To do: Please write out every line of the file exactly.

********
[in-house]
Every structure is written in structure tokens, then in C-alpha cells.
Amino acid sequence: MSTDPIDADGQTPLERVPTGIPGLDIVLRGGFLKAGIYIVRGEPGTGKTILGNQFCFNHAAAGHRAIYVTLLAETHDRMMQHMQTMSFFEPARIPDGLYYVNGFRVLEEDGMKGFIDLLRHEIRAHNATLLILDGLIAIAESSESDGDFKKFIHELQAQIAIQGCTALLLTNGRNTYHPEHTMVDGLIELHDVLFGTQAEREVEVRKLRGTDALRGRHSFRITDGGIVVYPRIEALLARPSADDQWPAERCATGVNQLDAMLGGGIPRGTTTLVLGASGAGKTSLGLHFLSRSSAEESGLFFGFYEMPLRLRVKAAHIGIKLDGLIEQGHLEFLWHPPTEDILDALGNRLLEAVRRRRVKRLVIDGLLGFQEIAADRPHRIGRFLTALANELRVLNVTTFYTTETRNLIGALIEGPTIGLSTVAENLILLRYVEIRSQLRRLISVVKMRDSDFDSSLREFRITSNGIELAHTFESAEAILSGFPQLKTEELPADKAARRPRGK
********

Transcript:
[in-house]
Every structure is written in structure tokens, then in C-alpha cells.
Amino acid sequence: MSTDPIDADGQTPLERVPTGIPGLDIVLRGGFLKAGIYIVRGEPGTGKTILGNQFCFNHAAAGHRAIYVTLLAETHDRMMQHMQTMSFFEPARIPDGLYYVNGFRVLEEDGMKGFIDLLRHEIRAHNATLLILDGLIAIAESSESDGDFKKFIHELQAQIAIQGCTALLLTNGRNTYHPEHTMVDGLIELHDVLFGTQAEREVEVRKLRGTDALRGRHSFRITDGGIVVYPRIEALLARPSADDQWPAERCATGVNQLDAMLGGGIPRGTTTLVLGASGAGKTSLGLHFLSRSSAEESGLFFGFYEMPLRLRVKAAHIGIKLDGLIEQGHLEFLWHPPTEDILDALGNRLLEAVRRRRVKRLVIDGLLGFQEIAADRPHRIGRFLTALANELRVLNVTTFYTTETRNLIGALIEGPTIGLSTVAENLILLRYVEIRSQLRRLISVVKMRDSDFDSSLREFRITSNGIELAHTFESAEAILSGFPQLKTEELPADKAARRPRGK